"Locke and Key: Alpha" #1 by Joe Hill and Gabriel Rodriguez is the battle and climax that the entire series has been building towards. This is the big one, an inevitable convergence of all major characters on the same stage of the Drowning Cave. It's the final act of the overarching story arc between the Locke family and Dodge that has been playing out over a generation. There is one more issue of "Locke and Key: Alpha" to follow, but it will be more of a clean-up and tidying after the war.
The battle scenes in the Cave feel like a claustrophobic pile-on. While the panels feel crowded sometimes, Rodriguez keeps the action clear. Less comfortably, the underground battle panels are also crowded with dialogue. This part of Hill's storytelling feels unusually rushed and even anticlimactic. The suspense flags when Dodge delivers a "this is my evil plan" monologue worthy of a cartoon villain. All along, the Lockes and the audience have assumed that Dodge would bring through an army of his fellow demons. His actual plan has a twist. Dodge's choices also make for an oddly subdued conflict, one that is as much about psychological advantage as it is about weapons and artifacts. Too conveniently and easily, the villain's character flaws enable the heroes to gain an upper hand. All this also diminishes Dodge's stature.
In previous issues, Rodriguez was able to make Dodge-in-Bode's-body look evil, with a demon's gaze looking out from a child's eyes. When Dodge acts petulant and unimaginative in "Locke and Key: Alpha" #1, even Rodriguez can't maintain an aura of menace. This is a quibble though, because Rodriguez never loses the reader with his smooth panel transitions, and his facial expressions are essential to the impact of the last few pages.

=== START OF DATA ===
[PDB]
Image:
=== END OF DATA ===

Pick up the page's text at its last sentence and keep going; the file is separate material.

Rufus Whedon gets his moment. His role as a true hero feels predictable, but Hill's dialogue for Rufus, still spot-on in its combination of stoic and endearing, makes it count. When Nina Locke gets a rare quiet moment to talk with Rufus in the car, their conversation is truly satisfying, as she realizes what readers have known all along.
Other aspects of the showdown are also strong. It's not the actions, but the consequences that ring true. As heavily foreshadowed from the beginning, Tyler's fishhook made of whispering iron is put to use when he makes the connection that his father hinted at, "Keys turn both ways." The solution is conceptually tidy, but imperfect and heart-wrenchingly messy in practice.
As Scot Kavanaugh says on the next-to-last page, "Okay but not okay, isn't that…human?" The fallout feels perfect for "Locke and Key," which was always an excellent combination of fantastical horror mechanics coupled with raw emotional depth. Hill and Rodriguez don't kid around. The casualties are serious, and on the final page, the reader will feel emotionally exhausted, which is in its way a vindication of the creative team's powers.